How are these military-age men vulnerable? First, they cannot return to Syria. Those who fled the military cannot return to regime-controlled areas of Syria at present or they will face punishment, imprisonment and perhaps death as deserters. Many deserters cannot go to the non-regime-controlled areas because they were at one time in the Syrian military, thus making them suspicious to rebel groups. And those who fled or whose families pulled them out of membership in the Free Syrian Army or the jihadi groups cannot return for much the same reasons.

Second, many young male refugees in particular face immense financial and psychological obstacles in host countries and, with little acknowledgement of the reasons why they fled and the incredible danger they would face if they returned to Syria, can be viewed as threats to social, political and economic stability by host governments.

The current paradigm through which we view vulnerabilities in conflict situations more often than not assigns young men to the category of dangerous – belligerents open to radicalisation or prone to violence. This obfuscates vulnerabilities and has harmful implications for civilian men, and their families too, as host countries fear that single men crossing their borders are fighters, either entering the host country to rest and see their families, or coming to recruit and organise armed opposition, or to bring the fight into the host country. There is evidence that such activities are happening in this case too. Yet there are also those who have sought refuge in these neighbouring countries so as to remove themselves from the fighting and to avoid joining the militaries of any side. This stand is something the international community and the humanitarian aid community in particular should recognise, and support; these are the very people to concern ourselves with as part of the search for solutions to end the suffering endured by millions of Syrians.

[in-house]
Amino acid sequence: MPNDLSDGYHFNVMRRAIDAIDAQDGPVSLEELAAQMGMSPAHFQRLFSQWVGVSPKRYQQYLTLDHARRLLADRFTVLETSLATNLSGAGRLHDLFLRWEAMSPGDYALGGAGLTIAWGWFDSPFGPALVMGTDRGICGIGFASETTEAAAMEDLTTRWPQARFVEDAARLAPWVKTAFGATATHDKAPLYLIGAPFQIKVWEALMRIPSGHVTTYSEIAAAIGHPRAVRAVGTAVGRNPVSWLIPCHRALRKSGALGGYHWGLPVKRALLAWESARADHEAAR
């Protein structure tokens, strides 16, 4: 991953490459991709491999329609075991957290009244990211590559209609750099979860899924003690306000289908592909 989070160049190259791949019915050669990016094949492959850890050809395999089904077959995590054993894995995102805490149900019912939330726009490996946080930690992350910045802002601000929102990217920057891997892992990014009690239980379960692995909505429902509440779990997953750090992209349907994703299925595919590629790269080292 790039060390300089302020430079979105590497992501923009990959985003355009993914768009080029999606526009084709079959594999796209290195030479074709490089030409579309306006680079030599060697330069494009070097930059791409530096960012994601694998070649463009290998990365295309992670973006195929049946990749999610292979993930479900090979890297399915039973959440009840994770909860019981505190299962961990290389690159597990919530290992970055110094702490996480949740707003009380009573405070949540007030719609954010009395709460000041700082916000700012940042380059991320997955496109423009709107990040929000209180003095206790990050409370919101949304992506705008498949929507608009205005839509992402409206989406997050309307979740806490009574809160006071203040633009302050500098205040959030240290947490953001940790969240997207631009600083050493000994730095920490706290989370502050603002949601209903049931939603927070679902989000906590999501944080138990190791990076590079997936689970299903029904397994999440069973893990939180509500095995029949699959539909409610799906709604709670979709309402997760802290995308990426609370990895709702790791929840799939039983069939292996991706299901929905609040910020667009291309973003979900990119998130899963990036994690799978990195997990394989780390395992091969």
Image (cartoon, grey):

The international community needs to give renewed attention to demographic categorisations, and concepts of vulnerability and belligerency upon which they are based. The risks these men face being forced to fight or trying to escape having to fight should make them more of a priority, alongside other more classically ‘vulnerable’ groups. In addition, host country governments should be encouraged and supported to ease border restrictions and to provide training for security personnel and appropriate reception facilities at border posts to make sure that men who want to escape are able to do so. In return, the international community could develop programmes that include appropriate psychosocial activities, volunteerism and vocational training for men and addressing host countries’ concerns about the dangers that men present. Finally, Syrian men who choose not to fight can be key to ending the conflict and can take part in creating new possibilities for the future of Syria.

 

Rochelle Davis rad39@georgetown.edu is an Associate Professor at the Center for Contemporary Arab Studies, Abbie Taylor act64@georgetown.edu is a Research Associate at the Institute for the Study of International Migration, and Emma Murphy emm234@georgetown.edu is a Mortara Undergraduate Research Fellow, all in the Edmund B Walsh School of Foreign Service at Georgetown University. http://sfs.georgetown.edu

This article draws on over 100 interviews with Syrian refugees in Jordan, Lebanon and Turkey during mid 2013 and early 2014.

The fourth Geneva Convention (‘Relative to the Protection of Civilian Persons in Time of War’) covers all individuals “who do not belong to the armed forces, take no part in the hostilities and find themselves in the hands of the Enemy or an Occupying Power”. Among other provisions, it requires that:

Protected civilians MUST be:
- Treated humanely at all times and protected against acts or threats of violence, insults and public curiosity.

Protected civilians must NOT be:
- Discriminated against because of race, religion or political opinion.

- Punished for an offence he or she has not personally committed.

Fourth Geneva Convention online at www.refworld.org/docid/3ae6b36d2.html



[1] For more on this subject, see Carpenter R C (2006) ‘Innocent Women and Children’: Gender, Norms and the Protection of Civilians. Hampshire: Ashgate Publishing; Helton A C (1992) ‘Resistance to Military Conscription or Forced Recruitment by Insurgents as a Basis for Refugee Protection: A Comparative Perspective’ San Diego Law Review; and Jones A, ed (2004) Gendercide and Gender. Nashville: Vanderbilt University Press.